Boutin Lab


My long-term objective is to make significant advances in our fundamental understanding of how ecological variation affects phenotypic plasticity, evolution and population dynamics.  My applied research works to provide the information and tools necessary to make ecologically-informed landuse decisions.

Photo credit: Amanda Kelley

Climate change, and its implications, has re-emphasized that one of the greatest challenges in biology is to be able to predict the effects of environmental change on the complex interaction between genotype, phenotype, life history, and population dynamics of species. This is a formidable task but it is possible to make significant advances by combining longterm studies of dynamic systems in the wild with well-designed experiments.  My research is built on three such programs.  In the mid-eighties I wanted to find a natural system that allowed me to measure plastic (within-individual) and evolutionary (between-generation) responses to ecological variation.  I chose North American red squirrels at Kluane Lake Yukon with the result that we now have phenotypic, lifetime fitness, and pedigree information for 15,000 individuals spanning 12 generations and 30 years.  What has come to be known as the Kluane Red Squirrel Project (KRSP) has grown to include Co-PI’s and collaborators who complement my expertise (Andrew McAdam (Guelph) evolutionary ecology, Murray Humphries (McGill) energetics, Ben Dantzer (Michigan) stress, David Coltman (Alberta), molecular genetics, and Jeff Lane (Saskatchewan) phenological ecology). The strength of KRSP lies in its comprehensiveness (censused and pedigreed populations of individuals for which we have physical, energetic, behavioural, and life history traits linked to lifetime fitness), the dynamic nature of a key driver (highly variable and quantifiable food supply), and our ability to perform relevant experiments.  This foundation has allowed outstanding students to address a wide array of fundamental and emerging topics including animal personality, antioxidants and senescence, Williams’ hypothesis, Hamilton’s rule,  maternal effects, and plastic and evolutionary responses to climate change.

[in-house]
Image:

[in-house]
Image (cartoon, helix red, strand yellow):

The second part of my research program is the result of my NSERC Industrial Research Chair in Integrated Landscape Management (2000-2012) whose objective was to provide decision-makers with the information and tools necessary to make ecologically-informed landuse decisions.  The Lab is now focused on making ecological research relevant to society by tackling pressing conservation issues related to human landuse and climate change.  I work in the heart of the Alberta Oil Sands where the conservation challenges are immense and the economic stakes are high, creating the opportunity to study large-scale systems undergoing rapid human-induced change.  A “poster child” for this situation is the woodland caribou whose threatened status and large-scale habitat requirements make it an interesting case that challenges Canada’s SARA. Through a major effort to build collaborations with industry and government, Alberta now has the most comprehensive picture of woodland caribou population dynamics in the country.  My lab has done the foundational research to determine the proximate cause of widespread declines and we have proposed innovative conservation actions. Although the core of the project is applied, we have also tested ecological theory involving predator-mediated Allee effects, apparent competition and landscape genetics.  We are now at a critical stage of the caribou recovery process in Alberta creating the opportunity to implement and monitor a series of innovative recovery experiments.  We continue to make progress through effective collaborations with the Caribou Monitoring Unit.

Photo credit: A. Menzies

The third part of my program is linked to the classic lynx-hare cycle and the longterm monitoring of hare-lynx cycles in the Kluane Lake area.  We now have over 40 years of continuous population traces of the dominant mammals in the system and during the most recent cycle, we have taken advantage of new technological advances to track lynx and hare movements, behaviour, interactions, and population dynamics in amazing detail. This work involves a rich collaboration with Charley Krebs, Rudy Boonstra, Dennis Murray, and Murray Humphries.


I have also had the privilege of working with the Alberta Biodiversity Monitoring Institute.  This organization continues to assemble outstanding species distribution and abundance datasets for 2000 species in Alberta.